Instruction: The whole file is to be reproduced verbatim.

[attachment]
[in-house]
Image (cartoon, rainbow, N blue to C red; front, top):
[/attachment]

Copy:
[in-house]
Image (cartoon, rainbow, N blue to C red; front, top):